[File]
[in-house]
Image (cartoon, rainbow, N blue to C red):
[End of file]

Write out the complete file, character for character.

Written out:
[in-house]
Image (cartoon, rainbow, N blue to C red):